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Monastic Wanderers: Nath Yogi Ascetics in Modern South Asia.

Monastic Wanderers: Nath Yogi Ascetics in Modern South Asia. By VERONIQUE BOUILLIER. New Delhi: MANOHAR, 2017; London: ROUTLEDGE, 2018. Pp. 351. Rs. 1395, [pounds sterling]105.00; eBook [pounds sterling]35.99

For the past eighty years, the sole comprehensive overview of the religious order variously known as the Nath Yogis, the Nath Siddhas, the Kanphata Yogis, or simply the Naths or the Yogis has been George Weston Briggs's Gorakhnath and the Kanphata Yogis (original ed. 1938). A trove of data on the Naths, Briggs's monograph was a work of colonial ethnography, written in the style of the imperial gazetteers or the "Tribes and Castes of India" series, and containing chapters with titles like "Religion and Superstition." For the past thirty years, Veronique Bouillier has been quietly assembling a body of scholarship that has reprised, updated, and in many respects supplanted Briggs's pioneering work. Trained in the tradition of historical anthropology in which the French so excel, Bouillier's earliest focus was on the centuries-long relationships the Naths have maintained with royal power in Nepal. A series of seminal articles and chapters on their relationships to the royal houses of Gorkha and Dang culminated in a 1997 monograph, Ascites et rois: Un monastere des Kanphata Yogis au Nepal (Paris: CNRS Editions). Following this, Bouillier shifted her focus to India, where a decade of fieldwork and archival research in Rajasthan, Karnataka, Haryana, the Punjab, Uttarakhand, and Uttar Pradesh issued in hindrance et vie monastique: Les ascites Nath Yogis en Inde contemporaine (Paris: Editions de la FMSH, 2008). Hers has been a participatory anthropology: she has taken part in Nath processions and interacted closely with the Naths in their monastic and householder settings, with the upadesi initiation she received in Nepal giving her inside knowledge of a tantric rite directed to the goddess Yogmaya-Balasundari (pp. 44-45). Because very few of her writings to date have appeared in English, Bouillier's scholarship has been poorly known in the Anglophone world. The present work, a mature reflection on a tradition whose transformations she has observed and documented firsthand for over three decades, is a welcome remedy to that situation.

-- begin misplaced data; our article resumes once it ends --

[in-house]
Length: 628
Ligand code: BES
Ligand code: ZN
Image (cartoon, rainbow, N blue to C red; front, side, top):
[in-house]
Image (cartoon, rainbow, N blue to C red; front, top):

The book is well structured and its arguments clearly presented, albeit in a somewhat idiomatic form of English expression. Working from Dumont's concept of "monastic community" as "an essential mediating term between the solitary ascetic individual and society" (p. 81), Bouillier suggests that "the Nath Yogis offer a perfect example of this double movement, this fundamental relationship between a tradition that emphasizes a personal approach to asceticism and spiritual quest, and a collective organization anchored to the monasteries which allows the sect to survive and adapt to the multiple social-historical changes they face" (p. 83). This tension plays itself out on a number of levels. Renouncers with no individual possessions, Naths have often found themselves in the roles of landlords and feudal rulers (p. 203); and whereas celibacy is a requirement for being a Yogi, communities of married house-holders (grhastha), many claiming a Yogi identity "and even using Yogi or the vernacular form Jogi as a caste name" (p. 299), are found across north India and Nepal.